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Thread: What Is AtomBIOS & These Different Drivers?

  1. #41
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    Quote Originally Posted by Sebsan View Post
    Is "radeondrmfb" the ati proprietary framebuffer to use instead of open source "drm" ?
    No, radeondrmfb is part of the open source radeon kernel DRM. The 'radeon' kernel module should have been blacklisted when you installed the proprietary driver.

    Adam

  2. #42
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    Quote Originally Posted by adamk View Post
    The 'radeon' kernel module should have been blacklisted when you installed the proprietary driver.
    So, in my case, dri and radeon kernel modules haven't been blacklisted for an unknown reason...

    How can i do this manually ?

    By the "modprobe -r radeon drm" command ?

    Or by editing "/etc/modprobe.d/blacklist" file ?

  3. #43
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    You don't blacklist drm, just radeon. You can create any .conf filein /etc/modprobe.d. That's usally done automatically when you use my script (part of the packageing).

  4. #44
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    Quote Originally Posted by Sebsan View Post
    So, in my case, dri and radeon kernel modules haven't been blacklisted for an unknown reason...

    How can i do this manually ?

    By the "modprobe -r radeon drm" command ?

    Or by editing "/etc/modprobe.d/blacklist" file ?
    Okay, sorry, i ask too much noobs questions... I've found this with google on Ubuntu doc.

    I will verify the blacklist myself tonight.

    Thank you all guys, i'll keep you aware.

    Seb

  5. #45
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    I'm so disappointed... :-(

    I indeed resolved the framebuffer conflict by manually blacklisting radeon module.

    But nothing really changed.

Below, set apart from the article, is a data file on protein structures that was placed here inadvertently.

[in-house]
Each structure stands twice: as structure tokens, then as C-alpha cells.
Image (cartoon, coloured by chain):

During linux boot, the kernel simply stops... just at the beginning.

    Logs are not written, there's absolutly nothing in Xorg.log, in kern.log there is just ten lines and the last line was just half-writtened. I red *everything*.log in /var/log directory and there is nothing like an error nor a bug. Not even a little warning...

    With radeon driver, it works pretty fine. It does the minimum but it works.

    Did someone really test with success the fglrx driver with 2.6.32 kernel and Xorg 7.5 in multi gpu mode ??? (two gpu would be enough)

    I'm running out of ideas.

    PS: If you want Catalyst installer to blacklist radeon driver correctly, you must not remove it before or Catalyst seems to "forget" it.

  6. #46
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    I mentioned it several times how to install it correctly. When you want to do that manually then don't blame others.

  7. #47
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    Quote Originally Posted by Kano View Post
    I mentioned it several times how to install it correctly. When you want to do that manually then don't blame others.
    Fair enough, i will try your script.

    Do you mean that the official ati install script is a manually way ?

  8. #48
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    The ati installer has options to build packages, those work when you stick with the default kernel (2.6.32). My script currently tunes that up to 2.6.34 using patches from arch. If you run the ati installer without those options on a heavyly modified system like U (especially lucid, but older versions had some tricky things too) or a 64 bit version when you want to use xvba the ati installer purely just does not work as expected. That's a known issue for ages. My script also uses U packages for Debian, just a bit modified in a very tricky way - when you rely on Debian packaging via the ati-installer you basically already lost. Uninstall for pure ati-installer on lucid will never work correctly due to the ld.so.conf and special overrides hacks to make the gl_conf switching work. That's why the nvidia-installer is no good idea to run there too.

  9. #49
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    So it's absolutly impossible for a non linux expert to do the job correctly, simply activate three screens with two gpu.

  10. #50
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    If you take an unmodified system, install fglrx, then run aticonfig with the correct parameters you should be able to have three screens with two GPUs.

    The more fiddling you do beforehand (I don't mean that as criticism) the greater the chance that something will go wrong.

    There are sometimes problems with the distro-specific third party package-builder scripts we include with the amd.com Catalyst packages so the lowest risk approach would be to use a package provided by your distro packagers. That is what a "non linux expert" would be most likely to do.

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